Other noncardiac causes of sudden death include subarachnoid haemorrhage, ruptured aortic aneurysms, acute respiratory failure (including from COVID-19), trauma, sudden infant death syndrome and undiagnosed terminal illness (e.g. cancer).

Q2. What does the ECG show?

The ECG (Figure) shows left ventricular hypertrophy with increased precordial voltages, nonspecific ST-segment abnormalities and abnormalities of the T wave.4 There are deep, narrow Q waves that are like daggers in the lateral (I, aVL and V5-6) and inferior leads (II, III and aVF). These changes reflect septal depolarisation of the hypertrophied tissue.


Q3. The likely diagnosis is HCM. What other features are also often seen on the ECG in cases of HCM?

In cases of HCM, the following features may also be seen on the ECG:

  • left axis deviation
  • deeply inverted T waves (so-called ‘giant negative T waves’) in the mid-precordial leads (V2 through V4) in patients with the apical variant of HCM3
  • P mitrale (a P wave that is typically notched, best seen in lead II, greater than 2.5 mm in amplitude, and may have enlargement of the terminal negative phase of P in V1 >40 ms duration, >1 mm amplitude). This represents left atrial enlargement
  • other evidence of electrical disturbances, such as atrial fibrillation, ventricular ectopics or ventricular tachycardia.

Q4. What is HCM?

HCM is a condition that causes muscular thickening and later fibrosis of the myocardium of the left ventricle wall, particularly the septum or apex. It is a slowly progressive condition and is usually familial, typically autosomal dominant with variable penetrance.5 Many genes have been implicated, most of which cause abnormal coding for sarcomeric proteins. The obstructive form of HCM accounts for about 70% of cases and the other cases are nonobstructive.5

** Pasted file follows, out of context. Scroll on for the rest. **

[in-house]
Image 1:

Initially, HCM causes diastolic dysfunction, and later left ventricular outlet obstruction often occurs from myocardial hypertrophy. The consequent venturi effect (suction) of the obstruction eventually forces the progressively regurgitant mitral valve leaflets against the interventricular septum, further narrowing the outflow. This worsens the left ventricular myocardial hypertrophy.

Q5. Who is at higher risk of sudden death from HCM?

Multiple significant criteria are associated with an increased risk of sudden death from HCM and patients with these risk factors may warrant defibrillator implantation. A combination of several of these increases the risk greatly.5 The more significant criteria are:

  • a positive family history of sudden death from HCM, especially in those under the age of 45 years
  • a left ventricular wall thickness greater than 30 mm on cardiac echocardiography
  • a history of runs of nonsustained ventricular tachycardia on ambulatory monitoring
  • a history of syncope at rest or during exercise
  • thin-walled akinetic-dyskinetic LV apical aneurysm with regional scarring
  • an increase in systolic blood pressure of less than 20 mm/Hg from baseline during exercise. A progressive fall in blood pressure during exercise or a fall in the systolic value by 20 mm/Hg after an initial increase is also considered to be a significant risk
  • extensive late gadolinium enhancement (LGE; fibrosis) including end-stage progression.5,6

Q6. What are the management options for patients with HCM?

For patients with mild or asymptomatic HCM, medical management options include beta blockers and strict control of hypertension. For symptomatic patients without obvious outflow obstruction, beta blockers or calcium antagonists (verapamil, typically) are used. Adults with symptomatic obstructive HCM can be treated with the cardiac myosin inhibitor mavacamten. Mavacamten has just been listed on the PBS for symptomatic New York Heart Association class II-III obstructive HCM (authority required; refer to the PBS schedule for full details).